• Flower heads narrow oval or cylindrical shaped, flowers are white, rarely pink or purple (FNA 1993+)

Vegetative Features

  • The involucral bracts are egg- or teardrop-shaped with prominent nerves, the edges near the top have small spines
  • The bracts protect the seeds as they develop, and disperse them through a hole at the end of the involucre (Watson and Renney 1974)

Similar Species


Similar species are based on a study of seed morphology of various species, and those with similar dispersal units are identified. The study is limited by physical specimen and literature availability at the time of examination, and possibly impacted by the subjectivity of the authors based on their knowledge and experience. Providing similar species information for seed identification is to make users aware of similarities that could possibly result in misidentification.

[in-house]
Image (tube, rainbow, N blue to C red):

Centaurea stoebe L. (spotted knapweed)

C. stoebe achenes are generally larger (length*: 1.8 – 3.1 mm; width 0.8 – 1.3 mm) with a thicker central stripe, a deeper side notch at the end attached to the flower head, and a longer pappus (length: 1.0 -2.0 mm, Watson and Renney 1974) compared to C. diffusa.

*Note: minimum and maximum of 20 achenes in a normal range of this species using image measurement (ISMA 2020)

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Brouillet, L., Coursol, F., Meades, S. J., Favreau, M., Anions, M., Bélisle, P. and Desmet, P. 2010+. VASCAN, the database of vascular plants of Canada. http://data.canadensys.net/vascan/ Accessed October 15, 2020.